Community-driven marketing platform that helps teams find the common interests of its consumers.
New York, US
2 — 10 employees
— Design Sprint
— Product Strategy
— Product Design
— UX Research
— Art Direction
Notus is a tech company from New York City who had identified an urgent need in their market. While it was common knowledge that the future of marketing was organic, most SME marketing teams did not have the time or resources to implement a successful organic strategy. They were either haphazardly publishing content, throwing spaghetti at the wall, or spending excessive amounts on paid ad campaigns that were less effective, but more predictable.
Notus developed an algorithm that combined the magic of authentic organic influence with the stability of hard data. They described it as an: “Acquisition engine for identifying where your target audience is, what and who they are influenced by, in order to engage with them where they are and build 1-1 relationships with them at scale. We call this earned community-led growth.”
The founders were coming from a strong start: 1) They’d correctly identified a profitable opportunity, 2) They’d diligently listened to and explored the challenges facing their target user, and 3) They’d created the tech side of the solution and proved it worked.
However, they were lacking product expertise and had no alignment or clear direction on what the final product would actually look like. They had asked Povio agency to help them with design and development, but before starting that stage they were missing an important step: Defining and validating an MVP.
They called on us at Human First, as experts in Sprinting to solve complex problems. It wasn’t the first time we’d been brought in at this stage, so we had our recipes at the ready.
Given the clear mission and the strong foundations, we were clear on the perfect approach: Design Sprint. By utilizing this approach, we were able to conduct two rounds of Design Sprints and validate the final scope of the MVP. Despite being physically separated, the fully remote nature of the Design Sprint allowed us to work collaboratively and efficiently. As a result, we were able to develop a clear product direction that met the needs of our users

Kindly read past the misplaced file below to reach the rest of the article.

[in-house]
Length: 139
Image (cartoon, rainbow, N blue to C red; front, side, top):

We started with an extensive preparation stage with a series of expert interviews. Since the founders had already done extensive field research it was important to organize and analyze that data. We then led the team through the 5 day Design Sprint process:
At the testing stage, we uncovered something that surprised the founders: Various aspects of the terminology, features and tools inside the prototype were not resonating with users at all. In fact, they were losing interest before they even explored the tools, because they didn’t see the point of the product itself.
Even though the tech capacities of the product solved specific problems that these users had expressed, they had a hard time connecting the dots. The founders had been too close to the problem and had made assumptions based on their own experience bias. In short, users couldn’t see the value of the product because it hadn’t been designed through their eyes.
So you can probably guess what our Human First team did next, right? (It’s in the name!) We took the prototype, switched to a user-first lense, and got started on the final fix.
Since we had detailed, user-generated data from the first Design Sprint, we were able to progress directly to an: Iteration Sprint. With the context from the previous work, we moved fast and smart, fusing the Define, Sketch and Decision stages together.
This time the team learned from our initial findings, and pivoted the product to an educational focus. Instead of showing users eye-straining tables full of data and vanity metrics, they presented clear strategies and actionable steps to organic growth, with simple explanations – who to target, how to approach them, what to say, how often. We then proceeded to creating a new and improved high fidelity prototype, and proceeded straight to a successful user testing stage. The difference in feedback in the space of a week was astounding.
We then completed the project with an: Execution Sprint. Based on the last round of feedback, we filled in all the gaps, such as missing screens and information, and prepared detailed designs so the MVP was fully ready for the development stage.
This project is a textbook example of the rapid results that Sprint methodology offers:
Aside from pulling off the immediate MVP goal, Notus was able to reap the benefits of the Sprint work in the long term, with countless knock-on advantages:
You don’t have to invest months of your time without a reliable game plan or step-by-step blueprint to guide you.
Now all you need is ONE week!